Earlier this week, Senator Tom Harkin (D-IA) released his proposal for reauthorizing the Elementary and Secondary Education Act (currently known as No Child Left Behind). Much has already been said about the various changes proposed in the bill, including a move to college and career ready standards, changes to accountability provisions, and changes to school improvement interventions. (For some good summaries and analyses see here and here.) But few have mentioned a reform clearly missing from the proposed legislation: Any discussion of funding formulas for Title I.
Back in August, Ed Money Watch wrote that Congress was gearing up for a formula fight as part of ESEA reauthorization. Formula fights – which involve congressional staff members negotiating funding formulas to distribute Title I funds among states and school districts that both provide support for the education of disadvantaged students benefit each of their states as much as possible – are notoriously long, heated, and tend to produce odd formulas (i.e. hold-harmless, set-asides, small state minimums, etc.) in the name of political compromise. So it’s no surprise that Harkin’s bi-partisan bill leaves the existing funding formulas untouched in the interest of maintaining the peace.
But there are many good reasons that lawmakers should take up the formula fight in earnest, even if it does further delay reauthorization.
Currently, Title I funding ($14.5 billion in fiscal year 2011) is distributed through four complicated funding formulas that each assess poverty slightly differently. The formulas are opaque and difficult to interpret – some state officials don’t even fully grasp the mechanisms by which the funds are distributed – but here is the gist of each:
- The Basic grant formula distributes funds based on the number of poor students in a state or district. The lion’s share of Title I funding - $6.6 billion out of $14.5 billion 2011 - is distributed through this un-nuanced formula that does little to ensure that districts with the most poverty receive the most support.
- The Concentration grant formula provides funds to districts with 15 percent or more students living in poverty. The smallest portion of funds - $1.4 billion out of $14.5 billion in 2011 – is distributed through this formula.
- The Targeted grant formula gives more funding per pupil to districts with higher concentrations of poor students, meaning those districts receive more funds per poor student as the percentage of students in poverty increases. However, it also favors large districts because it provides more funding to districts with higher numbers of poor students through weighting. This formula was written into the law in 1994 and received $3.3 billion of $14.5 billion in 2011.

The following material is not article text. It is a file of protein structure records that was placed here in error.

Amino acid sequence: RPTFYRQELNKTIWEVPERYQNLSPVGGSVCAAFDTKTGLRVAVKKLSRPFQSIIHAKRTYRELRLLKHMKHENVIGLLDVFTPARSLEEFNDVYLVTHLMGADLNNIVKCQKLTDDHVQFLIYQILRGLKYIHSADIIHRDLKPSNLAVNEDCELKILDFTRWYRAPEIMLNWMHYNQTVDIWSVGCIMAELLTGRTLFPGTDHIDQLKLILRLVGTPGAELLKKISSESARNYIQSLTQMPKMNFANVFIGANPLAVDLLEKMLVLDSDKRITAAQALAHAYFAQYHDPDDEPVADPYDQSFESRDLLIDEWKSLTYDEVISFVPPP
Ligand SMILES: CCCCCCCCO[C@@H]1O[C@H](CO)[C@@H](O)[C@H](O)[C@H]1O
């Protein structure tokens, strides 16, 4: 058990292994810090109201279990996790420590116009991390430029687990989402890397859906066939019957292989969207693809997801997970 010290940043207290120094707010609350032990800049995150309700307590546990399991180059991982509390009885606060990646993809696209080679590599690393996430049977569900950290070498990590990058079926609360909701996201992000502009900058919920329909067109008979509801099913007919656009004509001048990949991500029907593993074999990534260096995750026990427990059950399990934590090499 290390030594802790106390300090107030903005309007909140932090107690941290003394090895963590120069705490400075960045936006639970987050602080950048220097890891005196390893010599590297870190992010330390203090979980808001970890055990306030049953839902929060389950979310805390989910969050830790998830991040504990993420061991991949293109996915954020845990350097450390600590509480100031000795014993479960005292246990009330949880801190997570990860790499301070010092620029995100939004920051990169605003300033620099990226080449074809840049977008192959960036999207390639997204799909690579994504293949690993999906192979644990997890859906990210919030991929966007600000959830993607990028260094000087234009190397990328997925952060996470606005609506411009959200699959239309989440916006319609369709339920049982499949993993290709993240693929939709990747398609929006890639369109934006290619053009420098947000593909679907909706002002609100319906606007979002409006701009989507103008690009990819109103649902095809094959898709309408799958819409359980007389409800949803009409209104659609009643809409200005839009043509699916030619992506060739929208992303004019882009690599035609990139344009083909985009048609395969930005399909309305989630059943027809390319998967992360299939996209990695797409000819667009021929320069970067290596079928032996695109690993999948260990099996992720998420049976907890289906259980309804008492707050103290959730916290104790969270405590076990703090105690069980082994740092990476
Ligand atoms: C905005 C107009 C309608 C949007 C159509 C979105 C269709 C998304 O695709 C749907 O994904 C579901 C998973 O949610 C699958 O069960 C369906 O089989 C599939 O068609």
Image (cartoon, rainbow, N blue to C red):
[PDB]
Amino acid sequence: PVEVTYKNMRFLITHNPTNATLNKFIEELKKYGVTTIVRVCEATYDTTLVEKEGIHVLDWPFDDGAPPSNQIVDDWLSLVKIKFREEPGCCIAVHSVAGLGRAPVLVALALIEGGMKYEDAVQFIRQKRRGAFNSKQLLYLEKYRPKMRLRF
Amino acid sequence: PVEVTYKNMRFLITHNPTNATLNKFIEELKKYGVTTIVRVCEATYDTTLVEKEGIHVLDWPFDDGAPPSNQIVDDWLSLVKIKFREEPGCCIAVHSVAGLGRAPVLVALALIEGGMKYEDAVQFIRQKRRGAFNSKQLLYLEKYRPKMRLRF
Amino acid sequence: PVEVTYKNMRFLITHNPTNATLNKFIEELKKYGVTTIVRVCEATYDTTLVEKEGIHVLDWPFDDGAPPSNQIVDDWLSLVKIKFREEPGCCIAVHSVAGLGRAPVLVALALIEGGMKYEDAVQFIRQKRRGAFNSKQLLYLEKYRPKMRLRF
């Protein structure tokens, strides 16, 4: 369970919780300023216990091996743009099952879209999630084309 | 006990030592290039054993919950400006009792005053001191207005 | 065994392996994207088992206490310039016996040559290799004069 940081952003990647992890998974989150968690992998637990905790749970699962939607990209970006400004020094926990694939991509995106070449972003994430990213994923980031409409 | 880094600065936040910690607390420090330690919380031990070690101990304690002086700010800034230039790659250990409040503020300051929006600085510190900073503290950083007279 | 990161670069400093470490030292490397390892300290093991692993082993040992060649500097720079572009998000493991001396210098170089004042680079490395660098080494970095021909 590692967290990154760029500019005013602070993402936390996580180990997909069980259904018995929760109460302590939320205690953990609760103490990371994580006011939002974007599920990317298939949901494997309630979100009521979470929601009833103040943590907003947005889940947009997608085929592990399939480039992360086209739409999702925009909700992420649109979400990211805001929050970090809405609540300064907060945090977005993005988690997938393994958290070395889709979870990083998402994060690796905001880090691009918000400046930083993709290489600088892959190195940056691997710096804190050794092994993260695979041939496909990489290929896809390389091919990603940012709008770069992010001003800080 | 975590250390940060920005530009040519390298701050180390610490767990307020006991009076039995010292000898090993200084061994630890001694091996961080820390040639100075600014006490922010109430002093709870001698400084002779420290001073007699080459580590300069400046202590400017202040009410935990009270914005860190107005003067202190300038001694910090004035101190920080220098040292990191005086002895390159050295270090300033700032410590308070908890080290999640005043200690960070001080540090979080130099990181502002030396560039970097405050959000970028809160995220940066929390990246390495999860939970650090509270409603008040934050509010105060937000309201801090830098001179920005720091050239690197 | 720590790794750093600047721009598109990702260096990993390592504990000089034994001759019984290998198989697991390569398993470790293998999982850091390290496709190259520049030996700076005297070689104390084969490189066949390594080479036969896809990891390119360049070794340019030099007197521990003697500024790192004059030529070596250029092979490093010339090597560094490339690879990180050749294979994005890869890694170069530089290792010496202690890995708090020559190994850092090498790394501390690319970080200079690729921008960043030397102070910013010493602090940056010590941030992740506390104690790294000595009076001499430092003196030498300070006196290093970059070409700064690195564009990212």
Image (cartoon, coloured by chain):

- The Education Finance Incentive Grant formula rewards states with more equitable funding formulas by taking into account a state’s fiscal effort—the percentage of per capita income devoted to education—as well as how equitably the state’s school finance system distributes state and local funding for education. Within states, funding is distributed to school districts in a manner similar to the Targeted grant formula, except that it provides extra weight to poor students in districts in "bad school finance states." This formula was written into the law in 1994 and received $3.3 billion of $14.5 billion in 2011.
But ultimately, these formulas do not always distribute funds as they are intended to because they also take into account state size, per pupil expenditure, and even the degree to which a state equitably funds low- and high-income schools. In other words, the formulas are riddled with political agendas, logrolling and compromises.
While these nuances are supposed to guarantee states a certain level of funding, account for the cost of providing an education in a given state, or reward states with more equitable funding formulas, they often undermine the intent of the law. As a result, states like Wyoming receive far more support per poor pupil than much more impoverished states like Arkansas and New Mexico.
Changing the way these nuances factor into the funding formulas could ensure that districts with high concentrations of poverty receive more funding per poor pupil. Revising the Title I funding formulas would also give Congress a chance to make sure that rural and small school districts get their fair share of funds. By eliminating provisions that give more funding to larger districts (called number weighting) and changing the way the formulas take state per pupil spending into account, Congress could bolster struggling small and rural districts that often take the largest hit during economic downturns.
It’s highly possible that the House lawmakers will introduce changes to the Title I funding formulas as negotiations continue on ESEA reauthorization. So far, the House has not released any legislative language regarding the formulas. Similarly, a Senator could choose to take on the task and offer an amendment to the Harkin bill that revises the formulas. Regardless of where it comes from, we hope that Congress includes a discussion of Title I funding formulas in its reauthorization process and ensures that Title I funds are able to do as they are intended – to provide additional services to the students that need them most.